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Customs clamp down on luxury cars

IN THE first six months of the year, the Direcção-Geral das Alfândegas e dos Impostos Especiais sobre o Consumo (DGAIEC), Portugal’s Customs and Excise Authority, impounded 461 cars that had been brought into the country without their owners paying the necessary customs duties. The vast majority of the cars impounded were luxury models.

The difference in price between luxury and sports cars sold in Portugal and those sold in other European Union countries is so great that it is tempting customers to buy their dream cars abroad. For example, if a buyer goes to Germany and purchases a high cylinder capacity vehicle, he or she could, in some cases, make a saving of 35,000 euros. The problem is that once the car is driven back to Portugal, it is subject to the government’s Imposto Automóvel (IA), car tax, which can be thousands of euros, making the saving of the initial purchase obsolete.

The DGAIEC says that the number of people caught doing this, and therefore having their car impounded, is increasing year by year. In 2004, 726 vehicle owners purchased their new car abroad and drove into Portugal avoiding taxation. Last year, that figure rose to 1,034 and, in the first six months of this year, 461 were caught.

“In the vast majority of cases, owners pay up and retrieve their vehicles from the pound, but a few do slip through the net and the state loses out,” claimed a source at the Ministry of Finances. “You need to be very careful about what model of vehicle you buy abroad, especially in the large second-hand car sales auctions in Stuttgart, where scrap cars with serious defects are sold as new, top-of-the-range vehicles.”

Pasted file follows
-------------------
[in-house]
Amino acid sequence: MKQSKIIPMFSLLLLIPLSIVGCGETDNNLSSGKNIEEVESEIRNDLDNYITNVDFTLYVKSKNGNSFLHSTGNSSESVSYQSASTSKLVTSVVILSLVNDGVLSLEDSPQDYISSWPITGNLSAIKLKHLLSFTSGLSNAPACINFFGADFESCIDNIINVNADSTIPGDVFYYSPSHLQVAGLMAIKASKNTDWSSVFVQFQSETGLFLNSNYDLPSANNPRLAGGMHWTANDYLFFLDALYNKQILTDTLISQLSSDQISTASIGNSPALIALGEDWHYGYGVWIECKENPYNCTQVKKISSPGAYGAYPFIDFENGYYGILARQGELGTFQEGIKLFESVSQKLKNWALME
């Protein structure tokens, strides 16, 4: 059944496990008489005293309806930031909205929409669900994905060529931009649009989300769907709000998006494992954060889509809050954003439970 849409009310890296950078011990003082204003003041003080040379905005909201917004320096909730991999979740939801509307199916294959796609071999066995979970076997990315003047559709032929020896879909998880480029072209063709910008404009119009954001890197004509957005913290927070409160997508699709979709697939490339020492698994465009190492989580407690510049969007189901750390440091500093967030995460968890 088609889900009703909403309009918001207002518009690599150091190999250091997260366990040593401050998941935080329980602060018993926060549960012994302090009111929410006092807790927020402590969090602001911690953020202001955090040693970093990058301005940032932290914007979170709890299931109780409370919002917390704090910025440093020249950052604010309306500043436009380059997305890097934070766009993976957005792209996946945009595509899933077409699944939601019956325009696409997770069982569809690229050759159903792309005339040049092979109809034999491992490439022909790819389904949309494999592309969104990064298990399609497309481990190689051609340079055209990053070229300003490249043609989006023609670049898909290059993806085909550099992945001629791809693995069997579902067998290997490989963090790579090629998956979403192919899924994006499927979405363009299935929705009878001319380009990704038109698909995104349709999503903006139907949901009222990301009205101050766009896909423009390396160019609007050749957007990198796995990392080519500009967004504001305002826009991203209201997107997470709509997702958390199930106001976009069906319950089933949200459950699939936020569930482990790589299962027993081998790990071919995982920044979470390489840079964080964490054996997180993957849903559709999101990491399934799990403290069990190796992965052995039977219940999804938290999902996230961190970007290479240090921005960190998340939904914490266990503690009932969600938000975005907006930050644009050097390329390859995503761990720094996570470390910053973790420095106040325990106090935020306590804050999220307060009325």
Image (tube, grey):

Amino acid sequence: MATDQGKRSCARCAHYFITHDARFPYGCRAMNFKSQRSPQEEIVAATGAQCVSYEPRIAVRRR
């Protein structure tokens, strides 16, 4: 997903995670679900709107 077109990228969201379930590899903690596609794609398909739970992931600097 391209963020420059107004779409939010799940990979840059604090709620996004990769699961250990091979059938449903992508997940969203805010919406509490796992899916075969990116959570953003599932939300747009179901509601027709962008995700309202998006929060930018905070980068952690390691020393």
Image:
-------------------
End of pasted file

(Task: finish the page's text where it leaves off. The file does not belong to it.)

Any vehicle purchased abroad can only be legally driven in Portugal for four working days. After this, the owner must go to the customs office in the area where he or she lives and ask for the vehicle to be made legal.

The owner must present the following documents:

• Declaração aduaneira de veículo, vehicle custom’s declaration.

• Compra da factura original, purchase receipt.

• Número de contribuinte, owner’s fiscal card.

• Livrete, car log book.

• Título de registo de propriedade, owner registration document.

• Certificado de inspecção técnica, inspection certificate.

• Documento comprovativo da mediação efectiva de emissões de CO2, document proving the car’s CO2 emissions are within the legal limits.

After having requested the legalisation of the vehicle, the owner then has 45 days in which to pay the corresponding tax, which is calculated on the model, age, cylinder capacity and emissions of the vehicle.

This article makes legal reference solely to cars purchased in EU countries and driven directly into Portugal. Different legal rules apply to pre-owned EU cars driven into Portugal.

• For more information, ring the DGAIEC on 218 813 818.